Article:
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Matter

by: Nathan Hirstein

1. I was sick. My body was wracked with spasms. I lost control of it. My mouth constantly spewed the things found most despicable by my neighbors. My body bent double & finally triple, limbs contorted near to breaking. The sweat I sweat reeked of poison. To all those who still came near me it acted as poison, for I could see them hating me, my body & my sweat. They hated me as the poisoned hate the poisoner. They hated me as the healthy hate the invalid. To look upon me was for them to look into a mirror in which they could see all their past & future diseases visited upon them at once. They hated me until I made a blanket of their hate.

2. I lay under the blanket in a tiny basement cell alone. Even then the constant wailing of my tortured body & all the other things that came out of my mouth disturbed my neighbors. They could always smell me & they could always hear me.

5. I was dirty. I mean, I was sick. My body was not under my control. The specialists rubbed my body with steaming stones. They put slim metal pieces in my back & left squid trails. A woman uncovered scenes I had buried. No one can imagine the showers I scrubbed. None of them found it. I think it was my basement. I mean, I lived underneath. I sensed others with me: wine flies, spiders. I never saw the rats but their scattering menaced my sleep & I found them ripe on the street, split open like summer fruit.

7. In my possession were several texts of power. If softer tissue became scarce I believe my neighbors would wipe their assholes with these pages without regret. If I had peers or even colleagues I believe they would be unable to agree whether the words inscribed within should be classified as holy or demonic. After deep reflection & much study I have come to believe such a binary is false, & also that I have no peers or colleagues because I abhor taxonomy.

8. For want of a shelf, I piled these texts on the filthy concrete floor of my basement.

11. The basement was a trap. Even the flies couldn’t find their way out. No light came in but that which I pumped through the walls. Of course I could see nothing by this but my own shadow & a fly-paper chandelier orange & black with bodies, looped round the bare bulb. My body bumbled into an accretion of objects, each a demon. Together the demons made a cacophony of ugly information surrounding me, filling the emptiness I sought, robbing me of any peace. The floor glinted broken glass & shone with foil, the shells of what I put in my hole: soft batch, English tea, grasshopper. The clear plastic wrap of cigarette packs.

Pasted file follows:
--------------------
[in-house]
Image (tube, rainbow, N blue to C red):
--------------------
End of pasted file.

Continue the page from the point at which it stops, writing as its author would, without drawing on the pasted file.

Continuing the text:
17. Like the terrible magician of storybooks I kept my soul in a glass jar. But I filled my jar to the brim with black ash & orange butts, the remnants of my only small pleasure.

18. I collected tomes of great power & they collected thin sheets of the skin I shed & thicker, irregular blankets of the skins of what I ate.

22. I crushed a fruit fly on my neck or a mosquito. It wasn’t the right season, but flies leave no bloody trails. All I saw were parasitic demons. They hovered in my head like insect birds with their above sounds.

23. The demons howled & taunted me. They crept closer. First they crawled up & squatted on my only table in piles of disorder. They looked like rats dressed in the clothes of my neighbors.

28. My neighbors were closing in. There were once walls between us I remember & a door with a lock for which only I had the key. In the basement no one locked their doors. There weren’t doors; I propped a moldy mattress up to close me in at night. I woke & found my neighbors staring. They asked to borrow a cigarette or a portion of my meager foods. Though I despised them they were too close to refuse. They had become part of my landscape, my nature, inexorable. Mountains or creatures, they scavenged of me. Night couldn’t even get in past them.

32. I went down into my basement. But demons breed in forgetfulness. When I awoke I could see: a moldy mattress wedged between the floor & ceiling made my fourth wall, a suitcase propped open against the wall spilled crumpled garments, empty bottles accumulating.

33. I begged my neighbors for medicine. At times they pitied enough to give what they would. Other nights their black eyes reviled my prostrations or blinked, uncomprehending.

41. I wondered how it was that I—who have always done right by my neighbors, who considered the state of my neighbors above even my own state, whose mouth is full of rotten teeth but has always spoken sweetly—I wondered how I came to be in this basement, this prison, my body.

46. Perhaps as I descended I had drawn a map. I ruffled sheaves of paper. The scrawls looked like insect trails: indecipherable.

50. When I emerge from beneath I will have changed. When I rise I will be cured.